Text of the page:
• The Scriptures at times reflected our natural human response to people who hurt us (e.g. Psalm 139:21). Jesus taught, very clearly (if uncomfortably), “Love your enemies. Do good to those who hate you” (Luke 6:27). How can you recognize and deal with hurt and anger in ways that allow you to pray for, and seek the good of, people who offend or hurt you?

Click here to incorporate music and worship from the COR Worship Collective into your daily practice and devotion.


King Jesus, rule over my life. Imprint the great principles of your kingdom deeply on my mind and heart and shape me into the person you want me to be. Amen.

GPS Insights

Picture of Mindy LaHood

Mindy LaHood

Mindy LaHood serves on the Worship Experience team at Church of the Resurrection. She loves all things related to worship and enjoys working with our talented team of staff and volunteers. One of her favorite things to read about and study are stained glass windows, and she considers herself very blessed to work and worship in a place with such a magnificent window.

I like The Message translation of Luke 6:35-36–“’I tell you, love your enemies. Help and give without expecting a return. You’ll never—I promise—regret it. Live out this God-created identity the way our Father lives toward us, generously and graciously, even when we’re at our worst. Our Father is kind; you be kind.’”

Kindness. I try to be kind to everyone…I want to be kind towards all, but if I’m being honest, there are many times where I fall short on the kindness scale. Usually, my unkindness rears its ugly head when I’m tired physically, emotionally, and spiritually or when I get frustrated, and I can’t quite seem to find the solution or resolution I desire. It can show itself when others have treated me poorly or I witness others being treated poorly. Kindness sounds like such an easy concept in theory, and sometimes it is…other times, it is a definite choice. Most of the time when God is trying to teach me a lesson about loving my enemies or being kind, he shows me through the examples of others.

I recently had a friend tell me this story…It was late at night after work, and he stopped at Waffle House for dinner. He was tired and hungry, and as a result, he was a little short with the waitress. He’d ordered an iced tea, didn’t like the way it tasted, so he ordered a soft drink instead. When it came time to pay, the waitress had charged him for two drinks instead of one. He felt that was unfair. He was not kind to her in how he handled the situation–he made his frustrations known. But, as he drove home, God began to speak to his heart about that interaction. The next day, he went back to Waffle House, found the waitress, and apologized for his behavior. The waitress was in shock that he took the time to come back and find her just to say he was sorry. No matter what had happened the prior evening, the fact that he went back to apologize and show kindness likely meant more to her than anything else that happened that day, maybe even that week.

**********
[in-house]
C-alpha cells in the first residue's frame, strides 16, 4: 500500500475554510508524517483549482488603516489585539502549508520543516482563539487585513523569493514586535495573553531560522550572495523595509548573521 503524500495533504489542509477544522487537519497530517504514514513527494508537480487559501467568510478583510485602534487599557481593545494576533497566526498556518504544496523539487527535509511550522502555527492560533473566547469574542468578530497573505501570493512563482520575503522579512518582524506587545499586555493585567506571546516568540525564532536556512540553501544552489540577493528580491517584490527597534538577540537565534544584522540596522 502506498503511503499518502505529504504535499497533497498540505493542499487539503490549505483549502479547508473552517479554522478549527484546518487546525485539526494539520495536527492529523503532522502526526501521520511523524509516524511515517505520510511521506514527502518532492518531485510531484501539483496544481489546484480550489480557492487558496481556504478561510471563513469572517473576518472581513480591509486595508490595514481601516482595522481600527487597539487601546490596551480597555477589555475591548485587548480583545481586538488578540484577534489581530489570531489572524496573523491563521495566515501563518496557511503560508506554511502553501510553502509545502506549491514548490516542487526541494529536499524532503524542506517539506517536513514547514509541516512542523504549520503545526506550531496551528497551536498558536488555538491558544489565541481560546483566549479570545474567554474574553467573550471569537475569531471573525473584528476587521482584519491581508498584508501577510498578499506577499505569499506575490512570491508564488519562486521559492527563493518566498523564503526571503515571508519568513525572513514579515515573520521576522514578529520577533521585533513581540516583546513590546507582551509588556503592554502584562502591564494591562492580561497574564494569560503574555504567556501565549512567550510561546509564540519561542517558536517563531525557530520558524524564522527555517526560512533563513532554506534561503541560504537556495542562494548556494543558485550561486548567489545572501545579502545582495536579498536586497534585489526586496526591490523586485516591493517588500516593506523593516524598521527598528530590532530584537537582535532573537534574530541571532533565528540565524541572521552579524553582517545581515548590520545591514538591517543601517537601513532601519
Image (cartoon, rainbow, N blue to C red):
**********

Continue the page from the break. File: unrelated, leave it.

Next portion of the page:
As I listened to his story, I thought about the times when God has spoken to my heart about my poor behavior, the ways that I didn’t show kindness, love, or grace. I’d like to say I listened to every nudge of the Holy Spirit to go back and apologize, but the truth is I haven’t. It’s hard to be humble, swallow your pride and admit that you have fallen short of your identity in Christ. But, even at my worst as a work in progress, God never stops investing in me and providing opportunities for me to show love towards my enemies, help and give without expecting anything in return, and offer kindness. I’m grateful that God graciously walks me through lessons on kindness and loving my enemies. Through each opportunity to show kindness and love, God is transforming my heart, transforming me to become more like Christ.

© 2024 Resurrection: A United Methodist Church. All Rights Reserved.
Scripture quotations are taken from The Common English Bible ©2011. Used by permission. All rights reserved.

* William Barclay, Daily Study Bible Series: The Gospel of Matthew—Volume 1 Chapters 1–10 (Revised Edition). Louisville: Westminster John Knox Press, 1976, p. 87.